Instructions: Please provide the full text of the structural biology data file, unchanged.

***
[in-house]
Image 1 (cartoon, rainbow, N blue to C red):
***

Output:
[in-house]
Image 1 (cartoon, rainbow, N blue to C red):